Tickborne Relapsing Fever Endemic to Western United States

Jennifer Garcia

January 30, 2015

A new report from the US Centers for Disease Control and Prevention (CDC) finds that tickborne relapsing fever (TBRF) is endemic to the mountainous regions of the western United States, particularly among nonresident male visitors. These results were published in the January 30 issue of the Morbidity and Mortality Weekly Report.

Researchers led by Joseph D. Forrester, MD, from the Epidemic Intelligence Service, CDC and the Division of Vector-Borne Disease, CDC, evaluated data from 504 TBRF cases reported between 1990 and 2011. The cases were reported from 12 western states, with California, Washington, and Colorado accounting for approximately 70% of cases.

TBRF is most often caused by caused by Borrelia hermsii and transmitted by Ornithodoros hermsi ticks. There is no standard case definition, so "for the purpose of this report, a TBRF case was defined as a clinically compatible illness with laboratory confirmation of infection or a clinically compatible illness epidemiologically linked to a laboratory-confirmed case." TBRF was most often diagnosed during the summer months among males (57%) visiting areas where TBRF is endemic. The median age was 38 years, with peaks among those aged 10 to 14 years and 40 to 44 years. The study authors suggest the bimodal age distribution may reflect healthcare-seeking behavior or differences in clinical manifestations.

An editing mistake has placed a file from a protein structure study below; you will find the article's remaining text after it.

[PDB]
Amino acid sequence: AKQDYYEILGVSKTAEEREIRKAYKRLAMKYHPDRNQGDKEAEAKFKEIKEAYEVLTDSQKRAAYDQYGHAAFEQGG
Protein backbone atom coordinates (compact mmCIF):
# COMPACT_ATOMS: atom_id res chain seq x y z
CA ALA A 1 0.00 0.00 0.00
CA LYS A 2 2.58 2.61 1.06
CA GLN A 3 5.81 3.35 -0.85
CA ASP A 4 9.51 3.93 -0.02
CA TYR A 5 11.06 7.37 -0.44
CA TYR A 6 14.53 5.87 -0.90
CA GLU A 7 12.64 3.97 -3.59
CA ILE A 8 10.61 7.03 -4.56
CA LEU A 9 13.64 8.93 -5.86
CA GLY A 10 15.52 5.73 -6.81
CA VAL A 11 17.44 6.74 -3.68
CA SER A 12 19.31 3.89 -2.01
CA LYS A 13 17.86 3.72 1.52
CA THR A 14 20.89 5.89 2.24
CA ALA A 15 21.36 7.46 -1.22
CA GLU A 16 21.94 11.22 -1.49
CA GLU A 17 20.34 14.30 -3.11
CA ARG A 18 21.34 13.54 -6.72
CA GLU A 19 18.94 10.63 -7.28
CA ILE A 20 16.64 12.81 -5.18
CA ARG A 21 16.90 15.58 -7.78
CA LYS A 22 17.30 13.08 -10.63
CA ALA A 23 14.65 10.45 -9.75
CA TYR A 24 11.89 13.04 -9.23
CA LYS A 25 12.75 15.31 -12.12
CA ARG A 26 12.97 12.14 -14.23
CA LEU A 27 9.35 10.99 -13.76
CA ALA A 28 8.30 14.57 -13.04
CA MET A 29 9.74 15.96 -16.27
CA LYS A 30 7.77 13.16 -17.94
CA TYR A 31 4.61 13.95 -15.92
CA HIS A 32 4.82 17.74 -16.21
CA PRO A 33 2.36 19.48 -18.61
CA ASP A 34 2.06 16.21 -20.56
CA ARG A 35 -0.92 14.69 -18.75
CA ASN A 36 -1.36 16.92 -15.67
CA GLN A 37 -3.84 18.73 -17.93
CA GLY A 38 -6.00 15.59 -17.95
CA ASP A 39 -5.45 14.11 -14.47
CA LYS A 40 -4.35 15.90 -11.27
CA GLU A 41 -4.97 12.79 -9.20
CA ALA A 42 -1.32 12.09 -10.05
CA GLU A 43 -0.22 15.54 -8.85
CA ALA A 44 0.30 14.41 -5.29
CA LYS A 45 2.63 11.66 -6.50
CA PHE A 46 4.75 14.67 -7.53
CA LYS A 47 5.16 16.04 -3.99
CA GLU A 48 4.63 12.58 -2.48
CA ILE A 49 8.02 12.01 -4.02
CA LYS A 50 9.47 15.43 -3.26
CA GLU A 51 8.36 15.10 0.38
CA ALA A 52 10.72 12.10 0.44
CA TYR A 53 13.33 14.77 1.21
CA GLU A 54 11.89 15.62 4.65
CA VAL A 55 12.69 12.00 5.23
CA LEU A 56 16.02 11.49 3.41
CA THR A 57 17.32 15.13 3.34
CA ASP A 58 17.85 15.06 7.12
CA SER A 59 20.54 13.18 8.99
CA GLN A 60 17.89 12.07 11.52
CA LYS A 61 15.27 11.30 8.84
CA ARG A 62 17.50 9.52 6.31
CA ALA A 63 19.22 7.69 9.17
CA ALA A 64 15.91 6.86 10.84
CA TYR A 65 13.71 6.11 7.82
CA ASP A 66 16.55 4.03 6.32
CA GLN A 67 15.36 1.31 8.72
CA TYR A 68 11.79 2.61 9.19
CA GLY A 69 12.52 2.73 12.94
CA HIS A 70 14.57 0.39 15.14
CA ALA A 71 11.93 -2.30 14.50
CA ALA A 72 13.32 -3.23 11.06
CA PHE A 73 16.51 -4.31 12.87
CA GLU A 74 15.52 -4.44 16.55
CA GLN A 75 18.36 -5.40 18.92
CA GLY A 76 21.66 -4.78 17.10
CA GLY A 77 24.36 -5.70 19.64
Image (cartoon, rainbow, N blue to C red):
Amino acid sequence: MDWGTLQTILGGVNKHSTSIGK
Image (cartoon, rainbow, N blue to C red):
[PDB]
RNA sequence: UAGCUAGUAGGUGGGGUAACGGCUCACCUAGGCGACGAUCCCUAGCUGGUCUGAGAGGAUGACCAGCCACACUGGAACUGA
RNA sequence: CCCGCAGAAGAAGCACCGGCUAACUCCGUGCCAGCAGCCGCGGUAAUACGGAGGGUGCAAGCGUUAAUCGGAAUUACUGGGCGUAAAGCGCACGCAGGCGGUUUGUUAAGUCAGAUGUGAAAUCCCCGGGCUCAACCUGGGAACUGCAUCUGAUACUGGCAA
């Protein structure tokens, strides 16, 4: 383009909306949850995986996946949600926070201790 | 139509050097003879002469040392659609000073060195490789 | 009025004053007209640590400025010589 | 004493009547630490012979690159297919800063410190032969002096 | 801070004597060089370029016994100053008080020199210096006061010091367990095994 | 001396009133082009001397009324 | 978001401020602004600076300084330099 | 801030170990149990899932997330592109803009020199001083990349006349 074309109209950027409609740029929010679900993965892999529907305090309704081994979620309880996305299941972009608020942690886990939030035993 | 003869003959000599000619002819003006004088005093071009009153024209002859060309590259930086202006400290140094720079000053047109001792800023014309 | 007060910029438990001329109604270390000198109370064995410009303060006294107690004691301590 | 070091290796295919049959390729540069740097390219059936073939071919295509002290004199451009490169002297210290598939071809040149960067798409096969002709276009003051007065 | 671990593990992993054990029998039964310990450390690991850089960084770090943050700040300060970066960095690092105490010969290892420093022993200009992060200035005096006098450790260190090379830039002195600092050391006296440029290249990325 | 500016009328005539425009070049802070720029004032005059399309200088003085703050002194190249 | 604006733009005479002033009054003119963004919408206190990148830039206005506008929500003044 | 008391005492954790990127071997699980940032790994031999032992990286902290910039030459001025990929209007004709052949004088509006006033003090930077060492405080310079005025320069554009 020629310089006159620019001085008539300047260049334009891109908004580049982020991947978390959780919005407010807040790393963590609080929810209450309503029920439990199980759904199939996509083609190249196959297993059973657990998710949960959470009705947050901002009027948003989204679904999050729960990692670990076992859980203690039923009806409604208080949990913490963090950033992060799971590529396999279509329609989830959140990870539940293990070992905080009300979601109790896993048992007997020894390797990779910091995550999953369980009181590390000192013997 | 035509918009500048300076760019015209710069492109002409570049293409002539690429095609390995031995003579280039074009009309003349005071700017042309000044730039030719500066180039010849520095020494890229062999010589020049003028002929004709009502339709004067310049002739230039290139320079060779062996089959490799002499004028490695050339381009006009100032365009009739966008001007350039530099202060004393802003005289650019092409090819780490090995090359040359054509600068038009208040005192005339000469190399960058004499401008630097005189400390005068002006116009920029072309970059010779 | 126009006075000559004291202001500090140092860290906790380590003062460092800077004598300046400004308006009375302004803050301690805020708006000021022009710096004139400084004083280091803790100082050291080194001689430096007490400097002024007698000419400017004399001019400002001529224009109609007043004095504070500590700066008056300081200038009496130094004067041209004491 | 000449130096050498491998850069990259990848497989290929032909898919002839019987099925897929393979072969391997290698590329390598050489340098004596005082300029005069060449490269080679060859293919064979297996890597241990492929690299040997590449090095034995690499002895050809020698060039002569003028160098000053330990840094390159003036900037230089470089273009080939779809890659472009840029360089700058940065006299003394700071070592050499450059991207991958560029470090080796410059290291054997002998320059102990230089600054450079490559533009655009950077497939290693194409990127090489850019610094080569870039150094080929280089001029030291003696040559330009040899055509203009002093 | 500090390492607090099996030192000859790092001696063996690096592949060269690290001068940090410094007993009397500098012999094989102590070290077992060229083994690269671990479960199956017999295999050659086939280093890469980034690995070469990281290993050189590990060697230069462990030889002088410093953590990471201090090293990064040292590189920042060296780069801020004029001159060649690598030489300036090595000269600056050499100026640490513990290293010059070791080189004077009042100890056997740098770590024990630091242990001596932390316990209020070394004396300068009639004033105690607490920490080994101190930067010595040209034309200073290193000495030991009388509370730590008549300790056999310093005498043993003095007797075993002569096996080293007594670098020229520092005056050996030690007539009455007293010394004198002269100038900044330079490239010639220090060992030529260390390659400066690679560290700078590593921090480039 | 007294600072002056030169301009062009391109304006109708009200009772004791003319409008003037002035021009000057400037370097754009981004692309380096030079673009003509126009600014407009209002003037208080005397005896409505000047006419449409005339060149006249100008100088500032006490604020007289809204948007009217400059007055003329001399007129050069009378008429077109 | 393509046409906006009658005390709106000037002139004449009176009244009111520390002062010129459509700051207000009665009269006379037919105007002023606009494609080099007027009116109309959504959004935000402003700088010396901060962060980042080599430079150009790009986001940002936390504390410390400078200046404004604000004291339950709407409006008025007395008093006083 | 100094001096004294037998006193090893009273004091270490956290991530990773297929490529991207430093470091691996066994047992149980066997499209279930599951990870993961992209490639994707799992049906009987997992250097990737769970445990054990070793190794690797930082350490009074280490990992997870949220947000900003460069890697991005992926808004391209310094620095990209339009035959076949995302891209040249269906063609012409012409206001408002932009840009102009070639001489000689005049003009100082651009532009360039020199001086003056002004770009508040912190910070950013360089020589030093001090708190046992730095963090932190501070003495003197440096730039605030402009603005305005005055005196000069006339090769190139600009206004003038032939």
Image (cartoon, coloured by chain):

The researchers note that febrile episodes among patients with TBRF typically last 3 to 5 days, with relapses occurring 5 to 7 days after apparent recovery. Although clinical signs are typically mild and easily treated with antibiotics, complications including acute respiratory distress syndrome and spontaneous abortion have been reported. In the acute setting, diagnosis can be confirmed by identifying spirochetes in a blood smear obtained during a febrile episode.

"Because tick-infested buildings can serve as a source of infection for years, it is important to investigate all TBRF cases to identify the likely location of exposure and guide remediation of rodent and tick infestations," write Dr Forrester and colleagues.

The authors acknowledge that the lack of clear case definition and standard surveillance for TBRF may lead to reporting bias and underestimation of disease incidence.

"Clinicians need to consider TBRF as a cause of febrile illness in visitors to, and persons living in, areas where TBRF is endemic," the study authors write. The researchers also suggest that "[e]ducational outreach would further public health objectives to increase awareness of TBRF prevention measures and clinical signs and symptoms of disease."

The authors have disclosed no relevant financial relationships.

Morb Mortal Wkly Rep. Published online January 30, 2015. Full text

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